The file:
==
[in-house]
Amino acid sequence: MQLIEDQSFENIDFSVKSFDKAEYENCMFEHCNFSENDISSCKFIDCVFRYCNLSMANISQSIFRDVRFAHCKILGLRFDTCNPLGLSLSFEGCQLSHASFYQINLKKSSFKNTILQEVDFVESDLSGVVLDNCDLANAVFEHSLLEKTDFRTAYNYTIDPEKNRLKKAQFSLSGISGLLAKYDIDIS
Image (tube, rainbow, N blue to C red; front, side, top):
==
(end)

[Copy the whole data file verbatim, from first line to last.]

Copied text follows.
[in-house]
Amino acid sequence: MQLIEDQSFENIDFSVKSFDKAEYENCMFEHCNFSENDISSCKFIDCVFRYCNLSMANISQSIFRDVRFAHCKILGLRFDTCNPLGLSLSFEGCQLSHASFYQINLKKSSFKNTILQEVDFVESDLSGVVLDNCDLANAVFEHSLLEKTDFRTAYNYTIDPEKNRLKKAQFSLSGISGLLAKYDIDIS
Image (tube, rainbow, N blue to C red; front, side, top):